Wednesday, November 15, 2006

I Can See Clearly Now (the leaves are gone)

(Click on the pix)

Drop what you're doing and come to Antietam! This is the time of year to really get a handle on the lay of the land. Terrain was such a crucial player in the outcome of the battle and with the leaves off the trees there is so much more clarity available to the visitor.

Last week I made a beeline for the Cornfield to get an unobstructed view of Nicodemus Heights. Both from the position of Battery B 4th U.S. Artillery
and the "sweet spot" (as the ranger's call that place just inside the Cornfield where you are high enough to get a glimpse of Dunker Church). The view of the heights in the far distance is dramatic and telling. Through the bare branches of the trees it becomes immediately obvious that Stuart's guns on those heights commanded much of the Cornfield.

Another great view is of the Roulette Farm in the foreground, the Mumma Farm in the middle, and the East Woods in the background, all from the heights that were surveyed by Israel Richardson shortly before he was felled at the Sunken Road.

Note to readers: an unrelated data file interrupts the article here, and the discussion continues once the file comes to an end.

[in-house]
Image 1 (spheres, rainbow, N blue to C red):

From the Confederate position at Burnside's Bridge (stop 9 on the auto tour) you can get a great view of Cemetery Hill, location of the Confederate guns that were pasteing the men of the Ninth Corps as they surged across the bridge.

The heights of the cemetery can also be viewed from Rodman Avenue, with Cemetery Hill (the tall trees) to the left and the observation tower at the Sunken Road in the the far distance (middle right).

From that same position you can get a great view of the Sherrick and Otto farmsteads. From this vantage point you can just imagine that long, long Union line of battle, anticipating victory in Sharpsburg, but meeting, instead, Confederate general A.P Hill and his 3,000 Rebels.

C'mon! Now is the time, Antietam is the place.

Dress warm,

Ranger Mannie

1 comment:

Joshua Blair said...

I just visited Antietam. You are exactly right. You get a whole new appreciation for the terrain.